Unlocking Augmented Reality’s Power


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‘Everyone wants to transcend the everyday and experience the extraordinary,’ says Darren Lim, senior vice president of Pico+, as he explains how AR can create exhibitions that wow.

There is no doubt that augmented reality (AR) is fun to use, but it is not “just for fun.” AR has become an indispensable tool for successful brands to create deeper and better connections with their customers.

IKEA’s AR app, for instance, helps shoppers visualise how furniture might look inside their actual homes.

Another creative example is the New York Times’ David Bowie AR experience, which features as part of the “David Bowie Is”  exhibition currently on show at the  Brooklyn Museum. The exhibition showcases a collection of the dearly departed rock star’s costumes, sketches, lyrics, and other artefacts — and the NYT’s  Augmented Reality: David Bowie in Three Dimensions activation brings these pieces to life in 3D.

This AR exploration of the exhibition allows the viewer to examine Bowie’s legendary costumes up close and come to understand his eye for detail and groundbreaking attitudes to society, music, and life itself — anytime, anywhere … as long as there’s a Wi-Fi connection.

Breaking Through Limitations

Showcasing a product used to be a tricky and expensive proposition. Computer simulations, scale models, and photos are okay, but none of these really give people a sense of what the product does. Enter AR, where exhibition visitors can interact with a product and tangibly understand its benefits.

Take Jiangling Motors’ booth at Shanghai Auto Show 2017 as an example. This 990-sqm booth was an attention-grabber that offered immersive experiences to visitors. The product displays were complemented by augmented reality experiences that highlighted the brand’s strengths and technologies, revealing the vehicles’ internal structures and various advanced hybrid power technologies.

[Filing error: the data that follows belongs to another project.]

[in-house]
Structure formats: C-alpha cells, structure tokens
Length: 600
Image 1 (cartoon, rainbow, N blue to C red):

Fixing a Paper Jam?

Augmented reality will overlay whole cities in the near future, adding functionality and convenience to every aspect of life. There are already tools available in the market that allow mobile developers to build AR apps that permanently place virtual objects in the real world for others to discover. Imagine pointing your camera at an office printer and finding instructions on how to fix a paper jam directly overlaid on the printer.

Alibaba recently utilised interactive technology to showcase its many product offerings at CES in Las Vegas. Its award-winning booth included several virtual-reality–based activities, augmented-reality interactive software, LED overhead elements, video walls, multi-touch software, and transparent touchscreens.

Think about how these elements could be used in the future — where audiences can interact with virtual-marketing messages even after they’ve left an event. Your brand message can appear on a train, at a restaurant, or even in the bathroom. Wherever you can purchase a display ad, you can reach out through AR.

The advances being made in AR today are paving the way for new and better audience engagement. After all, everyone wants to transcend the everyday and experience the extraordinary.

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